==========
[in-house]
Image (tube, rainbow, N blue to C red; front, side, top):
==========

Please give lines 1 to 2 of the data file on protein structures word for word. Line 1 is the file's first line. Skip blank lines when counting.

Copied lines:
[in-house]
Image (tube, rainbow, N blue to C red; front, side, top):